Methods And Results: Retrospective cohort study of patients taking QDay lisinopril and losartan who experienced a dose-doubling (index date). A text-processing tool categorized BID and QDay groups at the index date based on administration instructions. Read More

View Article and Full-Text PDF
January 2021

Successful treatment of delayed pressure urticaria with 300 mg of omalizumab every 14 days.

J Cosmet Dermatol 2021 Jun 26;20(6):1897-1899. Epub 2020 Oct 26.

Department of Dermatoloji, Selcuk University Faculty of Medicine, Konya, Turkey.

Delayed pressure urticaria is a rare form of chronic inducible urticaria characterized by erythematous-painful plaques that develop in areas of the skin exposed to prolonged pressure. Its treatment is very difficult, and its response to antihistamines is variable. Cases of delayed pressure urticaria, which have been completely controlled with the use of omalizumab in recent years, have been reported. Read More

View Article and Full-Text PDF

Occupational dermatitis to facial personal protective equipment in health care workers: A systematic review.

J Am Acad Dermatol 2021 Feb 1;84(2):486-494. Epub 2020 Oct 1.

Duke Dermatology, Duke University Medical Center, Durham, North Carolina. Electronic address:

Background: Prolonged wear of facial protective equipment can lead to occupational dermatoses.

Objective: To identify important causes of occupational dermatoses from facial protective equipment.

Methods: A systematic review following Preferred Reporting Items for Systematic Reviews and Meta-Analyses guidelines was performed using PubMed and Embase databases. Read More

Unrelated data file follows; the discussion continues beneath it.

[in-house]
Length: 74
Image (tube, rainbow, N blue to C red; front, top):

View Article and Full-Text PDF
February 2021

Pressure Urticaria in an Infant Appearing Similar to Physical Abuse.

Pediatrics 2020 10;146(4)

Department of Dermatology, School of Medicine, Boston University, Boston, Massachusetts.

A healthy Hispanic boy was born via cesarean delivery after an uncomplicated pregnancy. At 4 weeks old , his parents brought him to the emergency department for bruising on both soles of the feet. At 6 weeks old, his parents brought him to primary care for new bruises on his arms and back. Read More

View Article and Full-Text PDF
October 2020

Chronic inducible urticaria: classification and prominent features of physical and non-physical types.

Acta Dermatovenerol Alp Pannonica Adriat 2020 Sep;29(3):141-148

Clinical Department of Dermatovenereology, Sestre milosrdnice University Hospital Center, Zagreb, Croatia.

Chronic inducible urticaria (CIndU) is a common inflammatory skin condition characterized by the recurrence of itchy wheals and/or angioedema that lasts more than 6 weeks and is induced by specific physical or environmental stimuli (cold, heat, exercise, pressure, sunlight, vibration, water, etc.). According to the current international classification, it includes physical urticarias (dermographism, delayed-pressure urticaria, exercise-induced urticaria, cold urticaria, heat urticaria, solar urticaria, and vibratory urticaria) and non-physical urticarias caused by exposure to specific stimuli (cholinergic urticaria, contact urticaria, and aquagenic urticaria). Read More

View Article and Full-Text PDF
September 2020

Early Skin Test after Anaphylaxis during Induction of Anesthesia: A Case Report.

Medicina (Kaunas) 2020 Aug 7;56(8). Epub 2020 Aug 7.

Department of Anesthesiology and Pain Medicine, Kyung Hee University Hospital, Kyungheedae Road 23, Dongdaemun-Gu, Seoul 02447, Korea.

Background: It is recommended that a skin test be performed 4-6 weeks after anaphylaxis. However, there is little evidence about the timing of the skin test when there is a need to identify the cause within 4-6 weeks.

Case Report: A 57-year-old woman was scheduled to undergo surgery via a sphenoidal approach to remove a pituitary macroadenoma. Read More